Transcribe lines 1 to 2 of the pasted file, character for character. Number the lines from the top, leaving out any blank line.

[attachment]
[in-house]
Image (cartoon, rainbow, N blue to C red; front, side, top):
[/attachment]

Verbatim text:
[in-house]
Image (cartoon, rainbow, N blue to C red; front, side, top):